One of the most intriguing product launches of MWC 2022 is the Huawei MatePad Paper, which is a tablet with an E-Ink screen. It's also the first product from Huawei to use this kind of tech.
E-Ink screens are different from LCD, OLED, or AMOLED. The reflective technology recreates the look of ink on paper. It's been popularized by all the best ereader brands, like Amazon Kindle devices and Kobo tablets, as well as Onyx Boox ones.
Huawei's new tablet, which comes with a stylus, access to the company's Huawei Books app, and even plays video, is an interesting step into a tech territory that Amazon has previously dominated with its Kindles.
This isn't the first time E-Ink spread its monochrome wings to other brands, Back in the mid-aughts, dozens of companies big and small tried to capitalize on Amazon's Kindle success. CES back then had an entire area devoted to all the new E-Ink tablets. There were even a few color ones. None survived and the tech world quickly turned its attention to iPad competitors.
But now here we are again. Huawei's brand new ereader debut has got us thinking: What if other companies jumped back into the breach and launched E-Ink devices? What would they be like?
Here's a list of five companies that could put out interesting devices into this long-neglected sector.
This is an obvious one - what would an Apple ereader look like? What would it be called? iReader?
The company is notorious for only launching products when the tech is in a 'finished' state, which is why we haven't seen a foldable from it. In the Apple ereader world that likely means color displays, useful extra apps, and easy connectivity between iPads and iPhones.
That latter point is really important, as Apple fans stick to their ecosystem, and lots of the company's products work well in tandem together. If you can easily pick a book on your iPhone and it download it onto your iReader, or write a note on the ereader with an Apple Pencil, and then drop the result onto your iPad, it'd be a handy device.
Sure, Apple isn't exactly known for offering affordable tech, so the iReader would likely be an expensive device. But for Apple fans, it'd be a handy extra piece of tech.
If Apple does it, Samsung has to, too.
Samsung could safely be characterized as Apple's rival, and the company puts out lots of tech that could tempt people who'd otherwise buy an i-device.
A Samsung ereader could borrow traits from the company's other gadgets. Samsung puts out some huge-screen devices, like its Ultra phones or tablets, and has lots of features for its S Pen stylus that make it useful for note-taking. Perhaps a Samsung ereader could be a useful note-taking device that has a much longer-lasting battery than the Tab S8 Ultra or similar.
Sony's an interesting one on this list, as it actually did make ereaders, called the Sony Readers. Yeah, really imaginative.
When it comes to its gadgets, Sony excels when it makes devices that are specialist tools - just look at its smartphones or cameras. And if it revived its Sony Reader line, perhaps it could do so again.
We could see a device that's designed specifically with note-taking features in mind, similar to the Remarkable Tablet 2, or as a way to both read and mark up books, which would be really useful to students.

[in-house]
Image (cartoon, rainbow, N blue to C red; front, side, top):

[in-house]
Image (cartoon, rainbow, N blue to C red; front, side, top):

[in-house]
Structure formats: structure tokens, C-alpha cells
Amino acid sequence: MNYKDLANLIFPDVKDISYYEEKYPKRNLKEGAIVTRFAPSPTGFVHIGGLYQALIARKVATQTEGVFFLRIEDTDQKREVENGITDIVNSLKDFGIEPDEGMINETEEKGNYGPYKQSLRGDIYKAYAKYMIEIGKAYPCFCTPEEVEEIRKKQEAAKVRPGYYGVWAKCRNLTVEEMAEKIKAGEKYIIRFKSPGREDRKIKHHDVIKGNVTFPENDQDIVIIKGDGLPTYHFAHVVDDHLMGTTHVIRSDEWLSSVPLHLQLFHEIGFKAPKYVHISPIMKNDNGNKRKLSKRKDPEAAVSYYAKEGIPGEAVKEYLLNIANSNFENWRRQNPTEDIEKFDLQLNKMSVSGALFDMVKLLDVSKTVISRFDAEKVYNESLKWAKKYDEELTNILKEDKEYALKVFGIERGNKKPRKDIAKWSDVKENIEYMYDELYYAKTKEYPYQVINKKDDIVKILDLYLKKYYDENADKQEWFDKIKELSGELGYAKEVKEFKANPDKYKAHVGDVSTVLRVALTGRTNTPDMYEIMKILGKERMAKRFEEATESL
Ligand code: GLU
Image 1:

Of all the companies on this list, we imagine Sony is the least likely to do an ereader, as it's tried before and doesn't work as closely in the mobile and tablet sphere as the others (it's the only one here not to have released a tablet, recently), but never say never.
Lenovo is pretty good for its entertainment gadgets - its Yoga Pads are great streaming tablets and it has a whole Legion sub-brand for gaming tech. And since reading is entertaining, an ereader doesn't sound outside the realms of possibility.
Judging by Lenovo's habits, we imagine this wouldn't be a very expensive device, but would perhaps be built with utilitarian features like a kickstand or grip.
Lenovo does make lots of productivity devices too, like its ThinkPad laptops, so perhaps we would see an ereader with useful tools to make it emulate your trusty pocket notebook. Still, we think a luxury book-reading device would be more likely.
Like Lenovo, HMD Global is big on its affordable tech - you'd know it as the brand that makes Nokia devices.
We've listed lots of companies on this list that could build premium devices, but it's always worth remembering the affordable ones, especially since that's what Amazon makes with its Kindle device (depending on which model you choose).
HMD Global's products are built to last, and you'd want an ereader to last you on long trips, in rough conditions, and in bags full of objects it could bump into. Plus, HMD's hardware is supported with software updates for ages and often has huge batteries, too, all things that would be useful for an E-Ink slate.
Honorable mention: Xiaomi
Xiaomi is an honorable mention, and not a 'true' listing, because the company does actually make ereaders, and releases a new one every year or so.
It's on this list, though, because those ereaders only go on sale in China, and we haven't seen any get worldwide launches. The company confirmed to TechRadar that it's not ruling out global launches, but that it hasn't planned one, either.
In the last few years, Xiaomi has cemented itself as a player in the premium market, but it also has great value, budget, and mid-range phones. So, we could rely on the brand's ereaders to be competitive.
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